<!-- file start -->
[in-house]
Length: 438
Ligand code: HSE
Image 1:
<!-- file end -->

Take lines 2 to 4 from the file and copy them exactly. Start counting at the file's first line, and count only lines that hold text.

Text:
Length: 438
Ligand code: HSE
Image 1: